The construction industry poses numerous safety hazards, and many of them are life-threatening. Employers must comply with many safety regulations prescribed by the California Division of Occupational Safety and Health specifically for the prevention of construction workers' accidents. Some of the most dangerous areas are confined spaces, and a competent person at each construction site must inspect confined spaces and determine whether they require permits to control entry into them.
Potential hazards in confined spaces include flammable or toxic chemicals or fumes and insufficient oxygen. Engulfment by liquid or flowable solid substances can cause death, and areas with floors that slope away from the exit point can prevent escape. The presence of other hazards, such as the risk of explosions, fire, radiation, biological hazards, extreme temperatures, or mechanical or electrical hazards, can also make a confined space a permit-required area.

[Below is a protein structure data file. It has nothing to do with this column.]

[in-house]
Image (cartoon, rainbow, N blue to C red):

The competent person must ensure that a written safety program is established to manage employees who have to work in confined spaces that require permits. These areas must be clearly marked, and workers must be warned about the risks involved. Adequate training, signposted warnings and enforcement is essential to prevent unauthorized workers from entering these hazardous spaces.
Victims of construction workers' accidents that involved confined spaces or other work-related hazards could end up suffering long-term consequences -- both financial and physical. However, help is available through the California workers' compensation insurance system. Experienced legal counsel can assist with the intricacies of the claims process in pursuit of benefits to cover medical expenses and lost wages.